Here is how to extract phone numbers, ids, or any other pattern of numbers from text in R. With the help of regex, it is possible to do this seemingly complicated task easily.

## Extract pattern of numbers from text in R

First of all, critically look at the available text. Clean it up as much as possible to reduce pattern variations. Here are a couple of examples that will help you remove or replace unwanted characters like unnecessary white space and others.

Here is a data frame that contains multiple number patterns, and some of them are ids.

tn <- data.frame("text" = "Text that contains id 346788 or 482991 and something like 123456 that is not.")

There are functions like *str_extract* and *str_extract_all* from the *stringr* package that can use regular expressions as a pattern parameter.

Let’s say that id contains 6 numbers, and each of them might be between 0 and 9. Everything between 0 and 9 is [0-9] and {6} means that there should be 6 digits in that range.

stringr::str_extract_all(tn$text, "[0-9]{6}") #[[1]] #[1] "346788" "482991" "123456"

If you are using function *str_extract*, then you will get the first of all available number patterns in text.

stringr::str_extract(tn$text, "[0-9]{6}") #[1] "346788"

Add the space symbol at the end or the beginning of the pattern if the text contains a number that contains more than 6 digits. If you have to look at the beginning or the end in the string, then take a look at this approach.

stringr::str_extract_all(tn$text, "\\s[0-9]{6}\\s")

Let’s say that pattern of ids contains digits within different ranges. For example, the first one should be 3 or 4 and the other 5 digits between 0 and 9. By using regex, you can specify any digit as necessary.

stringr::str_extract_all(tn$text, "[3-4][0-9]{5}") #[[1]] #[1] "346788" "482991"

### Create a data frame that contains a new line for each detected pattern of numbers

This might be necessary to do further comparisons or calculations in R. Here is a data frame with a new column of all matching patterns of numbers.

tn$numbers <- stringr::str_extract_all(tn$text, "[3-4][0-9]{5}") tn # text numbers #1 Text that contains id 346788 or 482991 and something like 123456 that is not. 346788, 482991

By using *unnest* function from the *tidyr* package, you can split the list into new lines.

require(tidyr) tn <- tn %>% unnest(numbers, keep_empty = T, names_repair = "unique") %>% as.data.frame() tn # text numbers #1 Text that contains id 346788 or 482991 and something like 123456 that is not. 346788 #2 Text that contains id 346788 or 482991 and something like 123456 that is not. 482991

## Extract phone numbers from text in R

There is a specialized function for that, like *ex_phone*, but the way phone numbers are represented in the text might be too different. An appropriate phone number in one region might not be in another. The best solution is something specially adapted to the specific situation. If you know the main principles of how to use regex to extract necessary combinations, you will succeed.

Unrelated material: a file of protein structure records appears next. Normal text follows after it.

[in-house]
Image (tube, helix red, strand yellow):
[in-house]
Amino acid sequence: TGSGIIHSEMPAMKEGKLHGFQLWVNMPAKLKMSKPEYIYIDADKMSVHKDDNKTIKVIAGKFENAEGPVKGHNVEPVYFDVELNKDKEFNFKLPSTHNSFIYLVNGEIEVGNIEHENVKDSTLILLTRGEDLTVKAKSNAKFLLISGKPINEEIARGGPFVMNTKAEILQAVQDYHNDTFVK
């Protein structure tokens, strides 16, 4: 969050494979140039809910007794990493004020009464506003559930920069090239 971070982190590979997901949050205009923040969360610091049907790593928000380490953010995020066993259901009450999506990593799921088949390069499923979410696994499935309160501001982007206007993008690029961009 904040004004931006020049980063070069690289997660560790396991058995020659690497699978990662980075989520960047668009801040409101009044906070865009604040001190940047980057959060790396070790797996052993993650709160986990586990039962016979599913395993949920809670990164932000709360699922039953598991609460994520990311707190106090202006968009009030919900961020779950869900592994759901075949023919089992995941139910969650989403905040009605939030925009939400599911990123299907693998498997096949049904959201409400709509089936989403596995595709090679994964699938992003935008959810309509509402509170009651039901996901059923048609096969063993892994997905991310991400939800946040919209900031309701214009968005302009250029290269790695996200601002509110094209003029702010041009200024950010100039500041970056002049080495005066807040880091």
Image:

Let’s start with the definition that you are looking for any phone number that contains 8 digits, and each of them is between 0 and 9. In this example, one of the phone numbers contains a country code. That is not necessary for the results.

tn <- data.frame("text" = "Text that contains phone numbers like +37121200022 and 20123456 or something like 88888888 that is not.") stringr::str_extract_all(tn$text, "[0-9]{8}") #[[1]] #[1] "37121200" "20123456" "88888888"

To deal with that, you can specify pattern requirements. For example, the first digit of the number is exactly 2, and the other 7 digits are between 0 and 9.

stringr::str_extract_all(tn$text, "2[0-9]{7}") #[[1]] #[1] "21200022" "20123456"

If you want to detect the pattern of a certain count of numbers and more in R, use the plus symbol. In this case, you can get the pattern with 8 numbers or more like this.

stringr::str_extract_all(tn$text, "[0-9]{7}[0-9]+") #[[1]] #[1] "37121200022" "20123456" "88888888"

If you have multiple variations of phone numbers, it is possible to look for multiple patterns at once. To create a separate data frame column with the matching pattern, try this approach.

p <- paste(c("2[0-9]{7}","3712[0-9]{7}"), collapse="|") stringr::str_extract_all(tn$text, p) #[[1]] #[1] "37121200022" "20123456"

If the phone numbers contain a certain pattern of numbers, but there might be different symbols between them, you can describe that like this. In this case, dot or dash between numbers.

tn <- data.frame("text" = "Text that contains phone numbers like 371.212.000 and 111-201-234 or something like 88888888 that is not.") stringr::str_extract_all(tn$text, "\\d{3}[.-]\\d{3}[.-]\\d{3}") #[[1]] #[1] "371.212.000" "111-201-234"

## Extract decimal numbers from text in R

It is not an easy task because of the variation of digits that might be in a decimal number. You can use the necessary decimal separator in regular expressions as it is. By using the plus symbol in regex, you can get one digit or more where it is needed.

tn <- data.frame("text" = "Text contains numbers like 10, 78, 121 and decimal numbers like 10.8, 78.99, and 121.0177.") stringr::str_extract_all(tn$text, "[0-9]+\\.[0-9]+") #[[1]] #[1] "10.8" "78.99" "121.0177"

Alternatively, you can look for patterns with digits with regular expressions like this.

stringr::str_extract_all(tn$text, "\\d\\d") #[[1]] #[1] "10" "78" "12" "10" "78" "99" "12" "01" "77"

The previously seen example looks like this.

stringr::str_extract_all(tn$text, "\\d+\\.\\d+") #[[1]] #[1] "10.8" "78.99" "121.0177"

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